Why do men go bald more often than women?

Women often become aware of hair loss only after 50 percent of their hair has been gone.

Why does baldness (Alopecia) affect mostly males? On the subject of preventing hair loss, the Internet is home to many promising tips and treatments. Hair loss is a natural part of the aging process in males. Not just elderly males but even younger men and women of both sexes are affected by it. However, where does this stereotypical depiction of a bald guy originate? And why is hair loss seen in women much less frequently?

It is a recurring misconception that only men experience hair loss. However, this is not the case. Loss of hair is experienced by more than half of all women over the age of 50. The progression of hair loss in women is fundamentally analogous to that in men but at a more subtle level. Most of the time, the condition shows up as a general hair loss that affects the whole scalp in a similar way.

Because of this, women are often unaware of the fact that they are losing their hair. They are more likely to observe that their hair seems to stop growing altogether or that the braid is becoming thinner. At first, only a magnifying lens can reveal that the hair is becoming thinner. It is often only when 50 percent of the hair has been lost that women can notice it with their own eyes.

The primary reason for hair loss is testosterone

But why is hair loss happening, and how can it be stopped? When it comes to males, the problem seems to be quite explicit: the male sex hormone is the cause of hair loss. Within the follicles of the hair, testosterone is altered into a different chemical form known as dihydrotestosterone (DHT). The hair roots die due to the activity of this steroid hormone in the event that they are hypersensitive to DHT for reasons that are genetic. After this point, the hair will fall off and will not grow back.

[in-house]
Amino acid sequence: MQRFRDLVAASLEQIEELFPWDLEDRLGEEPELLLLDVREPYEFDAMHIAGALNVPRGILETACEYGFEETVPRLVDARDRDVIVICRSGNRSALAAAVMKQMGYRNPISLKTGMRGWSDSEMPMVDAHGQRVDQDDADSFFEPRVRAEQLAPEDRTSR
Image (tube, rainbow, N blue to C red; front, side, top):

DHT causes the hair roots to become so brittle in males that hair begins to fall out just above the scalp. This often refers to the hair that is located on the crown of the head, whilst the hair roots that are located on the neck and the sides seem to be resistant to the DHT. This pattern is also responsible for the distinctive bald spot or “crown of hair” that develops on men’s foreheads.

Women experience similar hair loss

Hereditary factors and hormones play the most essential part in hair loss in women as well. Like males, women might have hypersensitive hair roots that are passed down from their ancestors. After menopause, the amount of the female sexual hormone estrogen found in the scalp reduces. As a result, this increases the amount of testosterone found in the hair roots. Testosterone is also found in women. An excessive amount of testosterone might paralyze hair roots that are susceptible to DHT if this process does not take place uniformly.

According to hair specialists, the widespread nature of hair loss in women may be caused by the fact that women typically have lower testosterone levels than males. However, there is a suspicion that males and females may have a difference when it comes to the way hair loss is happening, but this has not been proven yet.

Also, the beginning of hair loss in women does not always coincide with the onset of menopause. According to dermatologists, in many instances, women begin to experience hair loss as early as the age of 30. Even though this happens only rarely, balding in women is still a possibility in the most severe circumstances if preventative measures are not taken. Consequently, it is important for women who have experienced hair loss to consult a medical professional.

By Bertie Atkinson

Bertie Atkinson is a history writer at Malevus. He writes about diverse subjects in history, from ancient civilizations to world wars. In his free time, he enjoys reading, watching Netflix, and playing chess.